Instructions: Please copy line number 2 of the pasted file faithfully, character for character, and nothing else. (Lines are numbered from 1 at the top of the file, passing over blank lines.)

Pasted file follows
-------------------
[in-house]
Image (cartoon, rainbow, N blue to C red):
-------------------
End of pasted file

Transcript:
Image (cartoon, rainbow, N blue to C red):